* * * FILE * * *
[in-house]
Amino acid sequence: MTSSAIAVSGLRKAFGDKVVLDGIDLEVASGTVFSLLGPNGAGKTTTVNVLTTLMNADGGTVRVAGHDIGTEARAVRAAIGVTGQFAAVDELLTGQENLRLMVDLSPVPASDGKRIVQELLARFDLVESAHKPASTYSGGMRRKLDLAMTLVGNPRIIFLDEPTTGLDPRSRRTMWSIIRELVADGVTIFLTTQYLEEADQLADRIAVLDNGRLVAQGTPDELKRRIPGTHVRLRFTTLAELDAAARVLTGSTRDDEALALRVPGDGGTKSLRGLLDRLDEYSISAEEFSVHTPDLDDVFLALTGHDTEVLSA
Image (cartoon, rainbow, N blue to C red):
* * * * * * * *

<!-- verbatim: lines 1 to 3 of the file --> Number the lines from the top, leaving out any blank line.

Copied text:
[in-house]
Amino acid sequence: MTSSAIAVSGLRKAFGDKVVLDGIDLEVASGTVFSLLGPNGAGKTTTVNVLTTLMNADGGTVRVAGHDIGTEARAVRAAIGVTGQFAAVDELLTGQENLRLMVDLSPVPASDGKRIVQELLARFDLVESAHKPASTYSGGMRRKLDLAMTLVGNPRIIFLDEPTTGLDPRSRRTMWSIIRELVADGVTIFLTTQYLEEADQLADRIAVLDNGRLVAQGTPDELKRRIPGTHVRLRFTTLAELDAAARVLTGSTRDDEALALRVPGDGGTKSLRGLLDRLDEYSISAEEFSVHTPDLDDVFLALTGHDTEVLSA
Image (cartoon, rainbow, N blue to C red):